When a court considers a case whose outcome may affect consumers or competition, the FTC may file a “friend of the court” brief to provide information that can help the court make its decision in a way that protects consumers or promotes competition. To find a specific FTC brief, use the filters on this page.Displaying 61 - 80 of 138
Joint brief of the United States and the Federal Trade Commission as amicus curiae supporting petitioner, and urging reversal of a decision of the United States Court of Appeals for the Sixth Circuit. That court held that the bona fide error defense of the Fair Debt Collection Practices Act (FDCPA), 15 U.S.C. § 1692k(c), could apply not just to clerical or mathematical errors, but also to errors of law. The brief argues that errors of law do not satisfy the FDCPA’s requirements for a “bona fide error” because such errors are never “not intentional,” and because a debt collector cannot maintain procedures reasonably adapted to avoid errors of law. The brief also argues that the provision was based on an identical provision in the Truth in Lending Act, which excludes errors of law.
Joint brief of the United States and the Federal Trade Commission as amicus curiae in a case concerning whether the National Football League and its member teams collective actions can be exempt from antitrust review under Section 1 of the Sherman Act, which prohibits unreasonable restraints of trade. The brief urges the Supreme Court to vacate the judgment of the U.S. Court of Appeals for the Seventh Circuit, which had upheld a district courts summary judgment in favor of the NFL and its separately owned teams on the grounds that they function as a single entity when licensing and marketing their logos and trademarks under an exclusive licensing agreement with Reebok International Ltd. The brief states that the conduct of joint ventures, such as the NFL, is generally concerted action under Section 1. In discussing whether a sports league and its member teams should be deemed to function as a single entity for purposes of Section 1s concerted action requirement, the brief demonstrates that such treatment is only appropriate if two conditions are satisfied. First, the teams and the league must have effectively and legitimately merged the relevant aspect of their operations, thereby eliminating actual and potential competition among the teams and between the teams and the league in that operational sphere; and second, the challenged restraint must not significantly affect actual or potential competition among the teams or between the teams and the league outside their merged operations. In addition to asking the Supreme Court to vacate the judgment, the brief asks that the case be remanded for further proceedings and application of the correct legal standard for single-entity analysis.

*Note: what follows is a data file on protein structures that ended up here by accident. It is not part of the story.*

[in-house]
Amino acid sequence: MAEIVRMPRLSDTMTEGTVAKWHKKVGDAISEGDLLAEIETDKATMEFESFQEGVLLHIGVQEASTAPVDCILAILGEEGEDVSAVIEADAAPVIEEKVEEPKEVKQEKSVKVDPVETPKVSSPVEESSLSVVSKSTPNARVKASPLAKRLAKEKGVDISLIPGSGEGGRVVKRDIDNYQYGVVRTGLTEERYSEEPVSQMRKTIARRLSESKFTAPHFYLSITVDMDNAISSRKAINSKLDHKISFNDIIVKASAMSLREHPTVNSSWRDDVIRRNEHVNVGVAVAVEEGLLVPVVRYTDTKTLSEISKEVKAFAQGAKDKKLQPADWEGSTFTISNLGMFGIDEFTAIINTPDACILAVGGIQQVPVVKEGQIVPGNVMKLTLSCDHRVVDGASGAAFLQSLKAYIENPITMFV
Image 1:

Amicus brief before the United States Court of Appeals for the Federal Circuit, in support of appellants and urging reversal of a decision by the United States District Court for the Eastern District of New York dismissing plaintiffs-appellants' federal antitrust claims on the ground that defendants' challenged patent settlement agreement was immunized by the patent laws. The case, filed by direct and indirect purchasers of the wide-spectrum antibiotic drug ciprofloxacin hydrochloride (“Cipro”), involves agreements between defendants Bayer AG and its U.S. subsidiary Bayer Corporation – manufacturer of Cipro and assignee of U.S. Patent No. 4,670,444 which claims the active ingredient in Cipro – and generic manufacturers Barr Laboratories, Inc., The Rugby Group, Inc., Hoechst Marion Roussel, Inc., and Watson Pharmaceuticals, Inc. Under the terms of those agreements (executed in January 1997), Bayer paid the generic companies approximately $398 million in exchange for their agreements not to manufacture any form of Cipro and for Barr’s agreement to terminate its challenge to Bayer's patent by converting its Abbreviated New Drug Application for a generic form of Cipro to permit Barr to market its generic drug only upon expiration of the ‘444 patent in December 2003. In its amicus brief, the Commission argues that the district court's ruling is not compelled by the patent laws, and it conflicts with fundamental antitrust principles.
Joint brief of the United States and the Federal Trade Commission, as amicus curiae, urging the Supreme Court to reverse a court of appeals ruling that declared unlawful per se a minimum resale price maintenance (RPM) agreement between defendant manufacturer and its plaintiff-retailer, in reliance on Dr. Miles Medical Co. v. John D. Park & Sons Co., 220 U.S. 373 (1911). In the brief, the agencies argue that the rule of Dr. Miles -- the only remaining per se prohibition against vertical restraints -- should be overturned in light of the Supreme Court's modern antitrust jurisprudence, which employs the rule of reason as the primary analytical framework in Section 1 cases, and the current economic teaching, which recognizes the potentially mixed competitive effects of RPM agreements.
An amicus brief in support of plaintiffs-appellants’ petition for panel rehearing and rehearing en banc. The case concerns a decision by a divided panel of the appeals court upholding the dismissal, pursuant to FRCP 12(b)(6), of an antitrust challenge to a Hatch-Waxman patent settlement between AstraZeneca, the manufacturer of a branded drug, and Barr Labs., an FDA applicant for a generic counterpart. The Commission argues that the panel did not properly consider the Hatch-Waxman Act, which encourages challenges to pharmaceutical patents to facilitate the early entry of generic drugs, and that, if not corrected, the panel decision would permit the holder of a challenged drug patent to harm competition, and thus consumers, substantially by impermissibly paying a would-be generic rival to stay off the market.